Rama and Jana fall in love and got married. Their private life went up and down. In mean time they gave birth of two children Srish and Saana. Rama and jana could not make their private live harmonious. Jaana wanted freedom and expose herself. Rama was photographer but Jana was interested in dance. Rama was irrited b Jana and created lot of turture. When other people complained against Jana rama would be angry because he would not like to listen against his wife. When other people said few world in vafour of Jana again Rama would be angry because for him Jana was matter of ntrturing. One day after discussion with his his family about Jaana Rama committed suicide in the evening. That time Jaana used to live separate. Rama was survived out of intoxication and recovered in few weeks back to normal.
    Rama and Jana separated in some stage and Krish and Saana remained in their maternal mothers’ house. But Rama would not be happy with out kid. He made a beautiful dream for rest of life with kids. He requested Jaana to return them and Jaana agreed.

    Rama fall in love with another girl named Naha and got married. Naha agreed to remain child less and take care of Crish and Saana. In mean time Rama became very famous cinematographer. Saana and Krish are growing. Saana became very attached with new mother Naha but Krish remain in contact with Jaana. He mostly remained in hostel and Jaana took him to her place during some of the weekend and vacation. Rama fulfilled all his needs.
    Rama would tell some defects of Jaana and Jaana about Rama. Krish in his growing brain impacted by such negatives thought expressed by them about his parents. Krish started taking smoke and other drugs. He was not in control of Raama and Jaana. One day Krish lefe home with his one of the school mated. He went away from his home town but towards his maternal uncles home. Rama informed to Jaana and complained to police. One of his friend found them in a bus park and informed ot police. Krish looked matured and smart to police. Hence he gathered Rama, Jaana and Haha in police station. Krish said that his father Rama was unable to give rime for him. Haha was okay. But general behavior of Krish is that for him Naha is external and illegal person at home. He wished to stay in hostel and visit Jaana in the weekend. Police made agreement as per wish of Krish and asked Rama to cover all cost. After some days krish felt that he was burden for Jaana hence he returned back from hosted and joined local school and remained at home with Naha.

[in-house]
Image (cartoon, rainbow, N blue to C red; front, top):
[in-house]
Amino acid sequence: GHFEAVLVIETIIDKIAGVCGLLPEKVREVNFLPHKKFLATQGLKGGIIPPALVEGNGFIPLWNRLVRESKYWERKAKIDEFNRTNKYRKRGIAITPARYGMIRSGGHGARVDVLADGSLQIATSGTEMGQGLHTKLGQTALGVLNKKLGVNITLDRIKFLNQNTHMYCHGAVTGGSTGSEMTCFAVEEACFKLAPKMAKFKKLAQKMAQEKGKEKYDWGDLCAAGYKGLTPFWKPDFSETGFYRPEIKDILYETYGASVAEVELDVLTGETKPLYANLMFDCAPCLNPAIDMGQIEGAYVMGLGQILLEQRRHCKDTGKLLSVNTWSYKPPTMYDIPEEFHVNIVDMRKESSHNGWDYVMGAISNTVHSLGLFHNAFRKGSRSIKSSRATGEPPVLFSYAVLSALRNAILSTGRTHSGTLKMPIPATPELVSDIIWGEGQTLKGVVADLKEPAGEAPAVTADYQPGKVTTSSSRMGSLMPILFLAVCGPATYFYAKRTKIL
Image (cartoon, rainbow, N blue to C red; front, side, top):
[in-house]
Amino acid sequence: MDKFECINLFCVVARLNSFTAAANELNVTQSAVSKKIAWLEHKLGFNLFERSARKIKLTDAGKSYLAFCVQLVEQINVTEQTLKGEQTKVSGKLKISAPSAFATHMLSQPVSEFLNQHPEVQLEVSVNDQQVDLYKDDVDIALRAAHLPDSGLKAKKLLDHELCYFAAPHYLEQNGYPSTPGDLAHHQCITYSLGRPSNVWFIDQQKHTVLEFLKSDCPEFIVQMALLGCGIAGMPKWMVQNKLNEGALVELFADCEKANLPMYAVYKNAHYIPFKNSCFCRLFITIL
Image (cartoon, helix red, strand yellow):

In mean time Krish started company of boys who are away from parents and started to make smoking group. One day he left home with other friend. This time he went to a tourist place and started to work in a restaurant. In some stage he was found by friend of Raam and brought back home. He was not accepted by his school. Raama admitted him in a rehab center.